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Barataria Bay Multiple Stressors

Author(s): Turner, R. Eugene


Name of Publisher: National Centers for Coastal Ocean Science

Place of Publication: Silver Spring, MD

Publication Type: Fact Sheet

Journal Title: CSCOR Project Fact Sheet

Date of Publication: 2003

Reference Information: 1 p.

Keywords: Barataria Bay; multiple stressors; Mississippi River; diversions; nutrients; MULTISTRESS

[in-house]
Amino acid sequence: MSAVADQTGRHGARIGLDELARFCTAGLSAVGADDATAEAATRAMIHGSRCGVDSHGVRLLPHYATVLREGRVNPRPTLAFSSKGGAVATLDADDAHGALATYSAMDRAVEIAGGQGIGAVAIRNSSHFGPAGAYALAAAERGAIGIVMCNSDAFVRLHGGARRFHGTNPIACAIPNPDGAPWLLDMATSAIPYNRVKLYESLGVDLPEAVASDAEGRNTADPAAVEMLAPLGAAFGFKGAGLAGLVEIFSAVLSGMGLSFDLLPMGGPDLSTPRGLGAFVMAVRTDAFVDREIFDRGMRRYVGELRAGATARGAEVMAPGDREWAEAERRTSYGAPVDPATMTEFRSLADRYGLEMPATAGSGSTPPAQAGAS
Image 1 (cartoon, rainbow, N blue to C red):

Abstract: Coastal ecosystems are exposed to multiple stressors resulting from human activities that are ubiquitous and long-standing. Evaluating and understanding these stressors requires interdisciplinary investigations of scientists and management interests working together. The Barataria Multiple Stressor Research Project is a 5-year project that uses overlapping approaches for emergent, algal and pelagic food webs to determine the effects of multiple stressors on species and ecosystems. The Barataria watershed of Louisiana, a large estuary, is experiencing large habitat changes, anticipates a doubled nitrogen loading, has a significantly large fisheries yield and restoration program, and is adjacent to the Mississippi River (largest river in North America) whose watershed is proposed to be managed to reduce its nitrogen load. This natural ecosystem experiment, complemented by a controlled large river diversion (Mississippi River ), is a unique opportunity to receive scientific attention by a multi-disciplinary team of senior investigators. The project is yielding useful information through designed and opportunistic field experiments, analysis of long-term data sets, data syntheses, ecological and econometric modeling, and historical reconstruction of environmental change. A multi-disciplinary team of experienced scientists is constructing a hierarchical suite of indicators of estuarine stress over various temporal and spatial scales, conduct uncertainty analysis of indicators, evaluate various estuarine mitigation strategies using ecological and economic criteria, and extend approaches to other estuaries. The outcome will quantify the effects of eutrophication, land use, habitat change, toxins, and other natural and anthropogenic stressors on phytoplankton, benthic and pelagic food webs, and emergent marsh.

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